Printed from ChabadLuzern.com

My colleague in Burgas, Bulgaria

Friday, 20 July, 2012 - 11:32 am

 

Once again, a terror attack against Jews. And this time in a small town. Burgas, Bulgaria.

Seven dead. Each one is a world on its own.

The Interior Ministry released on Thursday the names of the five Israelis murdered in the suicide bombing in Bulgaria. Itzik Colangi and Amir Menashe were good friends from Petah Tikva. Colangi's wife Gilat gave birth to their first child four months ago, and his birthday was two weeks ago. The couple decided to celebrate in Burgas with their friends Natalie and Amir Menashe, who have a ten-month-old son. Itzik and Amir were killed while packing their luggage onto the bus.
Kochava Shriki of Rishon Lezion was pregnant for the first time after years of fertility treatments. She gave her family the good news shortly before leaving for vacation in Bulgaria with her husband Yitzhak. After the attack, Yitzhak, who was injured, searched for Kochava in the rubble and in the hospital in Bulgaria, and learned of her death a day later.
I will recite special prayers this Shabbat for the thirty-three people wounded, and for the families suffering from their loss.

When you hear such terrible news, you stop everything, say a small prayer and go online to the news websites to get all the updates. Naturally, I immediately also check how far away is the Chabad house in Bulgaria and think and worry about the welfare of my colleagues.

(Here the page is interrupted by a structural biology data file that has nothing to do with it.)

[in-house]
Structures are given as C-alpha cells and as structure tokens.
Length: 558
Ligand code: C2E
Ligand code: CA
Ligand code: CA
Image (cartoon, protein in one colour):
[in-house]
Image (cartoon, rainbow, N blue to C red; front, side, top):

Through our internal network I learn that the Rabbi in Burgas is Rabbi Chaim Tevardovitch. Chabad today has about 4000 representatives worldwide. We indeed help each other when possible, and work together often, but it is impossible to actually get to know each Rabbi personally.

When I heard the name Rabbi Chaim Tevardovitch it did ring a bell, and I was trying to figure out where I might know him from.... but couldn't think of anything. Then I watched the Israeli News channel 2 who was interviewing the young Rabbi Tevardovitch, and when I see him and hear his voice, it clicked. Of course I know him. He was my camper in summer camp in Israel about 15 years ago, when I was a counselor for the first time in my life.

I remember him as a smart child, but gentle and quiet. Many years passed and I have not seen him since. Now I see him standing infront of the cameras talking about the crazy and yet amazing work they have been doing since the attack. Running from place to place. From department to department in the hospital. To survivors who are still waiting at the airport. All this, while not putting the phone down for a minute, answering calls from Israel, from families searching for their loved ones.

To my dear colleague, Rabbi Chaim from Burgas, I'm not sure if you will be able to read my blog before Shabbat, but from Luzern I am sending you blessings, stay strong in your important work.

May we hear good news. Shabbat Shalom,

Chaim Drukman

In the picture: Rabbi Tevardovitch on Israeli News Channel 2  

Rabbi Tevardovitch surrounded by Israeli tourists a short time after the terror attack:

 

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